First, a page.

This section is from the book "A Treatise On Architecture And Building Construction Vol2: Masonry. Carpentry. Joinery", by The Colliery Engineer Co. Also available from Amazon: A Treatise On Architecture And Building Construction.
134. Sometimes the walls of concrete buildings are made hollow and strengthened by twisted steel rods, which form what is called the Ransome system of concrete construction. Fig. 69 represents a section of the wall in a structure so built. At a is shown a 6-inch outer concrete wall; at b is a 2-inch inner wall; and at c and d are vertical withes, tying together the two portions. (See "Hollow Walls," in Masonry, §7.) Those shown at c are 1 1/2 inches thick, while at d they are 3 inches, in order that the twisted rods may be better embedded. The 1-inch rods on the outside wall are shown at e, and the 3/4-inch rods in the inner wall at f; these rods are placed from 12 to 15 feet apart.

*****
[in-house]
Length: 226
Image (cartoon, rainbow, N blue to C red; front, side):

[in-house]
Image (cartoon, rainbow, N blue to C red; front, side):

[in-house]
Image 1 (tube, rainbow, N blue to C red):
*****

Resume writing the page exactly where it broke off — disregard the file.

At g, h, and k are the tie-rods in the floor construction. In the withes marked d and e are placed 1/4-inch rods, set horizontally and spaced about 12 inches apart vertically; and at each floor level, 3/4-inch bars are embedded in the walls, as shown at g. At all meeting, or crossing, points the rods are securely attached or tied to one another. The spaces in the walls are stopped at each floor, as shown at /, excepting those for ventilation or those used as smoke flues, which are continuous. The interior partitions are also concrete, with twisted rods, and, being monolithic, they further increase the stiffness of the structure.
This form of construction has the advantage of great strength, as the twisted rods tie the walls together in all directions, while the shape of the wall gives stability without waste of material. It is also superior to hollow-brick walls, as practically no moisture will pass through the concrete withes. The average cost per square foot of exterior surface, in a large building so constructed, is about 25 cents.